Updated: Oct 9, 2018
Our daughter Francesca, who we affectionately refer to as Frankie, was diagnosed with Acrodysostosis Type 2 on August 9 2015 when just eight months of age.
The pregnancy was uncomplicated, but there was a indication of a high nuchal fold at 11 weeks gestation. We went on to do a CVS at 13 weeks which came back clear of any abnormality and had several scans in the pregnancy to ensure there was no further complications with her.
Frankie was delivered at 38 weeks and had a forceps delivery on January 13 2015. She was small but of average weight and length. Development was normal in the first six months but she did have low nasal bridge, which we were told was likely cosmetic due to her passing the testing and scans.
Due her low bridge we got referred to ENT to ensure Frankie didn’t have any complications with breathing and getting infections. From there he suggested the Craniofacial unit at the Sydney Children’s Hospital to see a group of plastic surgeons and other medical specialist for children with facial abnormalities.
As part of the group we met a geneticist, who noticed Frankie’s hands and feet were different. He suggested she might have a syndrome or condition and recommended a
skeletal survey to look at her bones and the way they were shaped.
I think we felt our entire world collapse on that day. The thought of anything wrong with our beloved and most precious baby was incomprehensible.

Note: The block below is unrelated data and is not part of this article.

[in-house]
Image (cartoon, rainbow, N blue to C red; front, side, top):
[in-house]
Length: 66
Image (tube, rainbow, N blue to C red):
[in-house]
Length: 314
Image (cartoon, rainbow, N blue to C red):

Several weeks later we received the news Frankie had something called Acrodysostosis. She was the only person in Australia and only 1 of 70 people diagnosed worldwide, and our journey began.
We found little or no help from any medical professionals or research to assist in understanding Acrodysostosis or how to treat it.
We went in to create the Acrodysostosis Support Group page in September 2015 on Facebook, and currently have connected more than 50 families across the globe.
Frankie is currently three and a half. She has developmental delays, which mainly affects her ability to speak and construct sentences. Due to a large head which is disproportionate to the rest of her body and coupled with small feet, Frankie finds it difficult to balance when running or walking fast.
She has some issues with fine motor skills because of her small hands, so some activities can be difficult.
Overall Frankie’s cognitive understanding is very good, as unlike some of her Acrodysostosis peers, she does not have hearing or vision problems.
Frankie has lactose and dairy intolerance, and this impacts her diet. She also has low muscle tone in her mouth, and some sensory issues with certain foods and textures.
We attend Craniofacial at Sydney Children’s Hospital in Randwick each year, and have regular visits with our Paediatrician, Neurologist, ENT and other specialist as required.
Overall Frankie is a healthy, bright, happy child and enjoys day-care with her friends. She loves music, dancing, colouring, painting, puzzles and books. She recently became a big sister to Georgia.
We are very proud of how far Frankie has come, she continues to inspire us to be better human beings.
Frankie has her own Facebook page Little Frankie BIG World if you would like to follow her journey!